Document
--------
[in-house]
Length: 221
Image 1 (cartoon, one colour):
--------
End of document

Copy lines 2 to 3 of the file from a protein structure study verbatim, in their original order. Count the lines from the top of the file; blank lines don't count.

Length: 221
Image 1 (cartoon, one colour):